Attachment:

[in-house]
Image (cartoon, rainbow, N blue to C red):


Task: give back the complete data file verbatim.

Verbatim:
[in-house]
Image (cartoon, rainbow, N blue to C red):